Longitudinal Integrated Clerkships (LICs) have a growing presence as a model of educational delivery on the stage of UK medical education, where they are most frequently based within primary care. Yet, despite both local and internationally reported benefits, significant challenges to programme implementation and student engagement remain. Although perhaps initially challenges could be explained by the novelty of LICs, UK LICs have aged, yet challenges remain, leading to the marginalisation of LICs within UK medical schools. This leading article suggests institutional hidden curricula may be an important vehicle for this marginalisation and explores how the dominant fact-based paradigm of UK medical education could act to dissuade student engagement with LICs. So long as the hidden curricula messages we transmit to early-stage medical students revolve around the disproportionate importance of cognitive knowledge acquisition, UK-based LICs are unlikely to realise their full impact or benefit, in comparison to successfully running LICs internationally. Alternatively, refocusing early medical education on patient interaction, encouraging students to take an active role in their care, would send a different hidden curricula message more aligned with the ethos of LICs, and so would likely increase uptake to later stage comprehensive programmes.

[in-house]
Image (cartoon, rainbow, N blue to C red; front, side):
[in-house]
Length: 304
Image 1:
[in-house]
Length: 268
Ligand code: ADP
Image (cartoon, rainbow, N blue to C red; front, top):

Keywords: Longitudinal Integrated Clerkships; education; hidden curriculum; medical student; primary care.